Archive for the ‘Injuries’ Category

It Must Be Because He’s Deployed!


Here we are sitting in the ER!  T has a mysterious rash and I couldn’t get an appointment in the clinic.  What makes it more fun is having the other kids to tag alone!  Fingers crossed that it’s nothing major.   I am clueless as to what it could be!

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UPDATE:  The doctor doesn’t think it’s anything to worry about.  She thinks it’s just a viral thing that will have to run it’s course.  So I’m just going to watch it!!

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It’s so hard to be away from home!


People often ask me if I like being an Army wife.  And overall, I do… but sometimes it can be so hard to be away from home.

I have a close-knit family.  I talk to my sister almost daily.  She lives in Nevada and there is an eight-hour time change between us.  But every morning on her way to work, she calls me.  Sometimes we get 5 minutes or, if I’m lucky and she’s stuck in traffic, I get 30 minutes.  It is the best time of my day.  Even my kids know that when the phone rings at that time of day, it’s my time with my sister.

But if the events that happened 10 years ago were just a bit different, I may not have my sister to talk too.  She was driving to work when a shift worker was on his way home t-boned her vehicle.  He was drunk and unharmed.  My sister, on the other hand, had broken every rib on her left side, a broken pelvic bone and a ruptured spleen.  Once in surgery, they realized that she had bleeding in her chest.  When they went to repair it, the aorta tore away from her heart.  As the doctor told us, “she flat lined for 93 seconds and we stitched like hell”.  Thankfully, she survived.  She has scars physically and we all have mental scars from that day.  This is when the lifestyle that my husband and I choose is hard.

At the time, I was a newlywed getting ready to celebrate my first Christmas with my husband.  We were living in Alaska.  It took me 24 hours to get to the hospital.  After my sister was in good and stable condition, one of the nurses told me that their biggest fear is that we would not get there in time.  I can’t imagine my sister dying, let alone, dying without family with her. 

Why am I sharing this story… well, twice in the last few months, I’ve been here in England and my family (biological and Army) could have used my help.  Help with meals, child care, hugs… but from here all I can do is pray.  Dont’ get me wrong — I pray A LOT.  I’m a Christian and believe in the power of prayer.  But sometimes when all you can do is pray, you feel helpless.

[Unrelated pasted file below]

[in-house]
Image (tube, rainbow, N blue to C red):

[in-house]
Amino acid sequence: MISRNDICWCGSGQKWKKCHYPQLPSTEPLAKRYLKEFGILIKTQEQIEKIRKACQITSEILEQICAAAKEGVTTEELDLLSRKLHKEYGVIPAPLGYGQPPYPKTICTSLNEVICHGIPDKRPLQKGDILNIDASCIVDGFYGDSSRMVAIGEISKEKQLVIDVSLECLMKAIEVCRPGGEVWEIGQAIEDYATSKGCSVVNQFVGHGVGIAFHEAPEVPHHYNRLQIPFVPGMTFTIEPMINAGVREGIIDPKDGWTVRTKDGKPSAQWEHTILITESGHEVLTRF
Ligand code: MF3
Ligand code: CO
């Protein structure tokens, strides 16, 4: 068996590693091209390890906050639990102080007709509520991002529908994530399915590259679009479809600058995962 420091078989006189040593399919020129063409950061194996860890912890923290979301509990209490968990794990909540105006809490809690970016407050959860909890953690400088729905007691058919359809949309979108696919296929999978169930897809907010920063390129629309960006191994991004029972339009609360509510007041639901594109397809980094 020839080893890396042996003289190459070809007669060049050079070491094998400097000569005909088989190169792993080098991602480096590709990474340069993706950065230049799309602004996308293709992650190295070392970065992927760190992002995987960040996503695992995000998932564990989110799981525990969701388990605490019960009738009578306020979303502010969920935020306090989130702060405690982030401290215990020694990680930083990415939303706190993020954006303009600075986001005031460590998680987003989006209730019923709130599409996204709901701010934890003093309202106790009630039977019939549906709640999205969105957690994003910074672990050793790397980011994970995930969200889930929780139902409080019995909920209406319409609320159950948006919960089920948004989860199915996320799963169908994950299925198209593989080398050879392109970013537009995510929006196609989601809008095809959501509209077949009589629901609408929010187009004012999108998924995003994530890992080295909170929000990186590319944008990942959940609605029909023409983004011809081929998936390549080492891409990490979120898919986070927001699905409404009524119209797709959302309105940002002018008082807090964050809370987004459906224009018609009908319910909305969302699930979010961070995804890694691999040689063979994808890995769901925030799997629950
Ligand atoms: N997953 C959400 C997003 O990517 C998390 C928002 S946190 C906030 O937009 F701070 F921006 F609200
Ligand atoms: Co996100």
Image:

This is when your Army family can be such a wonderful help and why I always urge spouses to get involved in as many aspects of the Army as you can.  Our coffee group has a meals committee that makes meals for families that have a new baby, just moved, emergency sickness, etc.  Also, because we have all become friends, we are there to watch children for each other when there is an emergency.  (Like the 1:00am phone call from my friend in labor!)  Get involved so that you have a support system in place.  I say prayers of thanksgiving for the Army family that I’ve become a part of.  They may not be able to replace my sister, mom or dad, but they make a really great substitute!

Tramatic Brain Injury Awareness Month


With the untimely death of actress Natasha Richardson, I thought it was a good time to let you know that March is Tramatic Brain Injury Awareness Month. 

Tramatic Brain Injury (TBI) has been a new term that has been associated with head injuries of military members.  Well, at least, that is when I started hearing about it.  Many people didn’t know the term until Bob Woodruff, ABC New Reporter, suffered TBI in Taji, Iraq while embedded with the US Army 4th Infantry Division.  Because of Mr Woodruff’s unfortunate injuries, he was able to educate the general public on TBI and know, first hand, what soldiers face during their deployments.  In February 2007, Mr Woodruff was reporting again for ABC with the documentary “To Iraq and Back”.  (You can read about the documentary here.)  Mr Woodruff has also become a great supporter of the troops with the Bob Woodruff Foundation

While I am saddened at the death of Ms Richardson and Mr Woodruff’s injuries, their tragedies have brought the attention to injuries that our troops suffering repeatedly.  They say that every cloud has a silver lining, maybe this silver lining will bring better research and medical advancements that will help our soldiers and others that suffer from TBI.

For more information on TBI, you can check out this link at army.mil.